So you can read my books

Friday, April 6, 2018

A TO Z? E is for ...


"The difficulty under which the novelists of our day labour seems to me to be this:

 if they do not go into society, their books are unreadable; 

if they do go into society, they have no time left for writing."
 - Oscar Wilde: His Life and Wit

Ghost of Oscar Wilde visiting ...

Clemens and that irritible (and irritating) Hemingway 

are both off, seduced each by their particular demons.

 (Being a ghost is no laughing matter.)

I see where my friends are showering you with platitudes on how to write.

Let me instead urge you
 to live before you write.

I visited Neil Gaiman just last night and talked of this very thing.

He nodded and told of a novice writer showing him a passage from his first novel.

The poor boy's writing reminded Neil of a beautiful, shallow pond, brilliant but with no depth.


The map is not the sea.  

You must sail the ocean to know it. 

You must live life before you can write of it convincingly.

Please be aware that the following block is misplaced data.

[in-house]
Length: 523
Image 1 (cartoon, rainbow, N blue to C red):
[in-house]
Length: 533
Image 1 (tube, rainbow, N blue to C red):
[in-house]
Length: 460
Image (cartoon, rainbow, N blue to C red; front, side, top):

You need not be a libertine to write well.

All you must do is use whatever pain, angst, or despair you have experienced 

as a touchstone to lend a semblance of soul to your characters.

But your griefs would be considered by most to be small you think.

I shall counter your thought with one of my friend, Clemens --

 “Nothing that grieves us can be called little:

 by the eternal laws of proportion 

a child's loss of a doll and a king's loss of a crown are events of the same size.”

I wonder: 

How do you render 
a semblance of soul 
to your prose?


  1. If we haven't lived, what we write won't ring true.

    1. Hemingway stressed we should observe those around us each day and absorb how they moved, talked, and acted. We remember more than we realize. Well, except for absent-minded me!

  2. My writing has to have a personal connection to the story. Trying to write without that, it is like rolling a stone up hill only to have it roll down.

    Neil Gaiman?? Wow.

    1. The ghost of Oscar Wilde gets around! :-) The quote actually comes from Neil.